Wendy Tarr is the Director of CLUE Orange County, which organizes local churches and religious leaders into the movement for immigrant rights and economic justice for the working poor.
Articles By This Author
Solidarity and Sustaining the Beloved Community
"I expect and am willing to be persecuted, imprisoned, and bound for advocating African rights. And I should deserve to be a slave myself if I shrunk from that duty or danger." -William Lloyd Garrison, Abolitionist (1805 - 1879)
With Black History Month coming up in February, many of us will remember the civil rights struggles that have brought us to where we are today. I recently read a fascinating book about that movement focused on the role of women in those efforts called Freedom’s Daughters. It highlights past generations of women activists, both black and white. They led in the struggles for abolition, desegregation, civil rights, and women’s suffrage. These movements carry with them the roots of our contemporary work for justice.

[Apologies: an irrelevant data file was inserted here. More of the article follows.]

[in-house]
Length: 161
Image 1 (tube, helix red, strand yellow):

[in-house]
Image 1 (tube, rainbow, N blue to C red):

As I considered the lessons from that book I found myself resonating with many challenges, failures, and victories these women experienced, much of which was based on the race and gender dynamics of the day.
As an educated white woman who began my foray into community organizing though a summer internship in my early 20s — like many of the young women in Freedom Summer coming down from the North — I had not yet delved into the complicated nature of race relations in the United States. I started my summer feeling competent, a person who could learn and adapt to changes as I had on many previous international mission experiences. I carried with me an overly simplified belief in the romantic “beloved community.” The beloved community would come about as we worked together, prayed, and marched.